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The Chamber Music Society of Lincoln Center

Mozart –“Soul of Genius”

Alice Tully Hall

January 27th, Friday, 2006 at 8:00 pm

Anne-Marie McDermott, piano
Andre-Michel Schub, piano
Ani Kavafian, violin
Ida Kavafian, violin
Paul Neubauer, viola
Fred Sherry, cello

PROGRAM

Mozart Concerto No.14 in E-Flat major for Piano and Strings, K. 449 (1784)
Allegro vivace
Andantino
Allegro ma non troppo
Schub, A. Kavafian, I. Kavafian, Neubauer, Sherry

Sonata in D major for Two Pianos, K. 448 (1781)
Allegro con spirito
Andante
Allegro molto
McDermot, Schub

INTERMISSION

Quartet in G minor for Piano, Violin, Viola and Cello, K 478 (1785)
Allegro
Andante
Rondo: Allegro moderato
Schub, A. Kavafian, Neubauer, Sherry

 

It is always a pleasure to hear Mozart in the intimate genre of chamber music, and to be presented with the ‘Soul of Genius’ - an all-Mozart concert, was an especially memorable event for me. The opening item was a novelty, owing to the fact that concertos are  -especially these days – generally heard with soloist and orchestral accompaniment. The quartet ‘reduction’ added intimacy to the writing, and heightened the awareness of the chamber music character of Mozart’s concerto writing, and this concerto in particular.

The piano soloist, the gifted Andre-Michel Schub, proved that this format was indeed an example of chamber art at its finest, with his interweaving passagework and dialogue –like exchanges with the strings. I particularly liked the freedom with which Mr. Schub shaped his phases, and his musical abandon and ability to be subtly flexible with the tempi. The ensemble overall did seem a little on the muted side. I would have thought that the small representation of bass and middle voices would have encouraged a compensatory vigor in their parts, as the effect overall was slightly top heavy for both the viola, played by Paul Neubauer, and for the cello, Fred Sherry. It was nevertheless a thoughtful interpretation. Sister team Ida and Ani Kavafian provided the sweet tones of the violin section of the ‘orchestra’.

The Sonata in D major for Two Pianos introduced Anne Marie Mc.Dermott to the audience as solo partner. This is a sparkling and exciting work, and must be a thrill to perform as well as listen to! Both pianists radiated the joy of this music, and played as one player; in fact it became quite difficult sometimes to distinguish who was who, and who played which melody? It may have helped had there been greater delineation within the dialogue, or with the entrances of each phrase, to bring out the back and forth exchange aspect of the work. If anything there could have been more dramatic intensity, and color contrasts, as this sonata is predominantly a bright work, and far more straightforward thematically and developmentally than either the concerto or the G Minor Quartet. At the end of the first phrase, for example, in the second theme of the first movement- there is a humorous hiccup, or ‘blip’. When it is played in the same character as the lyrical part of the phrase its impact is lost. The ensemble was well rehearsed, and refined in detail and phrasing. There was also a good propulsive energy, and the two pianists’ tones and approach blended beautifully.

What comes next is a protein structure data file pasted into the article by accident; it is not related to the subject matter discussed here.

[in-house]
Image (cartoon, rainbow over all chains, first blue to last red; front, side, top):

The great quartet of the second half of the program - introduced the same magical key of g minor that gave us the Fortieth Symphony, and the divinely lovely G Minor String Quintet of Mozart. Not only are this quartet’s themes memorable, but also the development of motivic ideas is so fresh, inventive and ‘natural’ that one feels as though it could have been composed in no other way. It bears the inevitability of Mozart’s genius.

I found the opening tempo too rushed, or at least lacking in the gravitas that this opening theme’s dark foreboding suggests. Fred Sherry on cello again seemed to me to be understated in the bass line, although Paul Neubauer appeared more involved than in the concerto, and had noticeably more of an active presence in the ensemble in this work. This may also have been a factor of his having turned more towards the audience so that his tone was better captured than before? I would like to have heard subtleties of inner voicing in the viola brought out even more by Mr. Neubauer, especially since the cello part is anyway doubled often in the piano’s left hand.

Ani Kavafian could have provided stronger ensemble leadership on the violin, as she is a fine and engaging artist, but we needed to hear more of her! Ms. Kavafian’s tone was sometimes covered by the viola - which was an issue of instrumental balance. This became more apparent in the graceful and long singing lines of the slow second movement, where the volume and thicker texture did not take attention away from the upper string line. The third movement, by contrast, is full of bubbling humor and charm, but was played too ‘straight’, especially as many of the phrases are repeated, and in this comes an opportunity to contrast each repetition through different emphasis. The beauty of this work lies in the tremendous variety between the movements, and themes – unlike the Sonata for Two Pianos, which is of a more more uniform character. The G Minor Quartet’s combination of fatalistic foreboding, and also joyous celebration, is perhaps the reason why it has retained its popular appeal.

Given that the ensemble played so well together, and had such a clearly outlined conception of the work, I would like to have heard even more dash and an overall emotionally less careful approach. The playing was at a high professional level, with all artists giving a committed performance. The choice of program was altogether well balanced and created a most pleasurable evening of wonderful music making with fine instrumentalists giving us some the greatest music we could ever wish to hear.
Happy Birthday Amadeus!